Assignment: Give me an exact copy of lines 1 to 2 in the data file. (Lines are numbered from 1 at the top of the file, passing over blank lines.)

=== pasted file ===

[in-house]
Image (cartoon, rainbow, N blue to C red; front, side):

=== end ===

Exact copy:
[in-house]
Image (cartoon, rainbow, N blue to C red; front, side):